In real estate there is no truer commodity than vacant land. Houses and units inherently show a qualitative bias; the value of a house or unit is influenced by various factors such as the size of the home, the state of repair, the architecture, the attributes of the home such as number of bedrooms and bathrooms and whether the home has value added components such as a swimming pool or shed.
The value of vacant land, on the other hand, is primarily influenced by geographic context and land area. Sure there are other factors which can affect land value such as the council zoning and the shape of the land parcel, however compared with a dwelling it is much easier to quantify and compare land values across regions.
A simple way to do this is to use median land prices, however a median land price only shows the typical price for which a block of land sells; this measure takes no account of how big or small the block of land is. A much better way to measure the value of land is based on a rate per square metre.
To illustrate this point, using the median land price measure shows Sydney to be the most expensive land market in the nation. Based on sales over the past twelve months, the typical block of land in Sydney sold for $283,500.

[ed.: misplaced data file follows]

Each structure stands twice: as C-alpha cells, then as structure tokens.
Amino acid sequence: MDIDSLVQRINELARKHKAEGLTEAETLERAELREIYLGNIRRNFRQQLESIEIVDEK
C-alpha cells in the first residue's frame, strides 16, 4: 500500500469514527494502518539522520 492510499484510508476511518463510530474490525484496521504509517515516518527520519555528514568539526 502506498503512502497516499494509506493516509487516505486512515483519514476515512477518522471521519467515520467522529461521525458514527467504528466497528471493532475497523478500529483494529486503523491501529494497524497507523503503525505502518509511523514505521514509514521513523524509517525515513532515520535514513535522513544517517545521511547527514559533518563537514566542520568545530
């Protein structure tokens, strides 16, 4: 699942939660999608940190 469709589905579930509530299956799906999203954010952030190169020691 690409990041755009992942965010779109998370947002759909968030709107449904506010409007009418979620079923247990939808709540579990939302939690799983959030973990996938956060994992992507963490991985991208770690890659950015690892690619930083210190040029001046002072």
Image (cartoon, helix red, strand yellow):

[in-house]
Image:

Using a rate per square meter measure it is a different story. On this basis, Perth is the most expensive vacant land market with the typical vacant block selling at the rate of $555 per square metre. Sydney is the second most expensive market at $547 per square metre and somewhat surprisingly, Adelaide is the third most expensive at $486 per square meter (despite having the second most affordable median sale price).
The difference really comes down to the size of the blocks being sold. The median land area for vacant land sales in Adelaide is the smallest of any capital city at just 375sqm. So… despite being the most affordable mainland capital city based on median prices, on a rate per square metre basis, Adelaide land is actually relatively expensive.
Conversely, the most densely populated capital city, Sydney, still has the third largest median land area across the major capitals at 544sqm.
From a development perspective, why not reduce the typical land area to maximise the development yield and improve housing affordability. The reason probably comes back to the constraints of council zoning and town planning regulations.
The small lot sizes in Adelaide may come as a surprise, however the production and development of small lots is likely to become more evident across the other capital cities over time and is partly due to a state government program whereby developers have to include a proportion of affordable housing within most new developments.
Smaller lots and smarter housing design is a fairly straight forward mechanism to combat housing affordability and to improve density around primary working nodes and transport corridors. The trend towards smaller lots is evident across all of the capital cities but not to the same extent as what small lot housing has been embraced in Adelaide.
The important part of shrinking lot sizes to make housing more affordable is to ensure that there are enough parks and recreational facilities close by to cater to the needs of those home owners.
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